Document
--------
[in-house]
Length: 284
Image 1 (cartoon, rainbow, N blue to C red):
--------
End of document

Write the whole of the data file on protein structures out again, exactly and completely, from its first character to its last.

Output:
[in-house]
Length: 284
Image 1 (cartoon, rainbow, N blue to C red):